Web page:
New Mexico now has a law that ensures children are served school meals even if their parents do not pay on time and prohibits schools from calling attention to children whose lunch accounts are overdrawn to avoid any stigma.
Gov. Susana Martinez signed the legislation ahead of Friday’s deadline for acting on the dozens of bills passed during the recent legislative session.
Advocates say the school lunch bill — also known as the Hunger-Free Students’ Bill of Rights — is novel legislation and no other state has taken such a step.
It ends practices like having meals that have already been served to students who can’t pay or who owe thrown in the garbage, or making those students wear identifying wristbands or hand stamps or do chores to work off meal debt.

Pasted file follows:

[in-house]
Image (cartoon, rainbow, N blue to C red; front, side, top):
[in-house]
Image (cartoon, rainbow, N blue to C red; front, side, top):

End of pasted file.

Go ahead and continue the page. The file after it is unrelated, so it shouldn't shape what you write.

“This bill draws a line in the sand between the student and the unpaid school meal fees that their parents or guardians owe, oftentimes because they cannot afford to pay on time,” said Jennifer Ramo, executive director of New Mexico Appleseed, a nonprofit group focuses on poverty.
In New Mexico, where poverty rates are among the highest in the nation, there was a backlash against school districts that used to serve cold cheese sandwiches to students who could not pay. So-called lunch shaming has taken on other forms elsewhere, from Arizona to Pennsylvania.
New Mexico’s legislation outlines debt-collection procedures for unpaid breakfasts and lunches at public, private and religious schools that accept federal subsidies for student meals.
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